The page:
It should be clear to everyone by now that environmentalists have no sense of proportion. For instance, on the green view, the claim that ‘climate change is happening’ has been a matter of true or false, rather than a matter of degree. But is this misconception the consequence of green ‘ideology’, or simply a strategy intended to promote it?
A press release from Friends of the Earth on Friday announced:
Samsung questioned over tin as profits soar
25 January 2013
Commenting on phone manufacture Samsung’s soaring profits revealed today (Friday 25 January 2013), Friends of the Earth’s Head of Campaigns Andrew Pendleton said:
“Samsung’s profits may be soaring, but do they come with a cost? The company has yet to explain whether the tin it uses in its phones is ravaging the tropical forests and coral reefs of Bangka Island, Indonesia.
“Research shows that tin from Banka is almost certainly in Samsung’s products.
“New rules are needed to make all companies disclose their supply chains – starting with a Europe-wide law next year.”
FoE’s research was published last November, in a report called, Mining for smartphones: the true cost of tin [PDF]. On page 20, the report explains FoE’s decision to target Samsung:
Samsung is the top-selling smartphone brand in Europe. It offers a wide range of handsets and as a result has a global reach like no other – in 2011 it sold 95 million smartphones – that’s nearly one in five of all smartphones sold worldwide (19.5 per cent of the global market share). In fact just one model, the Galaxy S, launched in June 2010, and updated Galaxy S2 and S3, has already sold more than 42 million. Samsung Electronics is South Korea’s biggest company and has extended its reach as an Olympic Games 2012 partner and Chelsea football club sponsor.
When Friends of the Earth investigators contacted Samsung Electronics prior to publication to ask if the company sourced tin from Bangka or was aware of the damage tin mining is causing the island’s communities and ecosystems, a Samsung spokesperson neither confirmed nor denied this. In a statement, the company said it took the issue of ethical sourcing of minerals very seriously. “Samsung is committed to upholding the highest standards of corporate responsibility, and we continue to evaluate our sourcing policies to ensure they comply with global standards associated with our industry,” said a spokesperson. “We will monitor the Bangka Island situation to determine if an investigation into whether tin in our supply chain is being sourced from the region is required.”
During Friends of the Earth’s research Samsung was identified as a buyer or user of Indonesian tin via the supply chain of PT Timah.
The problem, according to FoE is the environmental destruction caused by tin mining operations in Indonesia. As this FoE film shows, it’s certainly not a pretty process, and the lot of the workers involved in the production of tin have a pretty lousy time.
Tin is used in the production of mobile phones, chiefly as an ingredient in solder, a substance used to hold electronic components to circuit boards. But to what extent is Samsung responsible for the situation in Indonesia?
Let’s start with the facts. FoE claim that Samsung sold 95 million smartphones last year. That’s a lot of phones. So how much tin is that? Curiously, for it’s emphasis on smartphones, FoE’s report is vague about how much tin is in a smartphone. It produces this graphic instead. (Page 7).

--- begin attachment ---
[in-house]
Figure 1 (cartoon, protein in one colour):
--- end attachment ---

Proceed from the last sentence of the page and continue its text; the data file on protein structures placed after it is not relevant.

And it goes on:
A tablet contains between 1 and 3 grammes of ‘tin rich solder’. So let’s assume that a smartphone, which is about half the size and complexity of a tablet, contains a gramme of tin rich solder. So Samsung used 95 million grammes of tin in smartphones in 2011. There are a million grammes in a tonne (1,000 grammes in a kilogramme; 1,000 kg in a tonne). So that’s 95 tonnes of tin, for Samsung’s global smartphone market.
Is that a lot?
According to the US Geological Survey, in 2010, the world produced 277,000 tonnes of tin. On the FoE’s own gallery of images of tin mining in Indonesia, it shows a picture of an operation that produces 50,000 tonnes a year:
So Samsung and the market for smartphones hardly drive the bulk of production of tin in Indonesia.
Pretty much any electronic device will contain solder and therefore tin. It is an extremely useful substance. But its extraction, like the extraction from the earth of many useful substances, causes problems. And those problems are far more pronounced where institutions that might regulate extractive processes and protect workers are not as developed as they are in the west. For another instance, we might want to look at the extraction of rare earth metals for use in wind turbines and electric vehicles, which is arguably a dirtier and more dangerous process, but which Friends of the Earth seems to ignore.
In the past, a large part of the world’s supply of tin was produced in the south west of England. And the story was similar. As the following video from Cornish Mining World Heritage demonstrates, what was once a dangerous and exploitative industry is now celebrated for its historical significance.
Might it not be the case that in a hundred or so years — perhaps, and I hope, many fewer — that the tin mines of Indonesia will become museums like their Cornish predecessors? How is it that we can see Britain’s part in the history and development of global trade as so essential, but the expansion of such processes into the emerging economies as such a bad thing? After all, aren’t they the same story? The video shows, even if it doesn’t say so directly, the transformation of an economy, alongside the transformation of the landscape, politics, and concomitantly, the conditions that workers in tin mines experienced. Now we see videos like this, and perhaps visit the museums that now stand in place of the mines. They show how much life has changed. We would not tolerate the danger, the child labour, and the rates of pay. But in 19th Century Britain, there was no Friends of the Earth, and there were no global environmental NGOs complaining about the environmental impact of mining.